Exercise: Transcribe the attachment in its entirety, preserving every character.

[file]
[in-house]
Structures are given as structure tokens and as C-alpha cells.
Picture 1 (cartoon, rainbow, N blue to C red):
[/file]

[in-house]
Structures are given as structure tokens and as C-alpha cells.
Picture 1 (cartoon, rainbow, N blue to C red):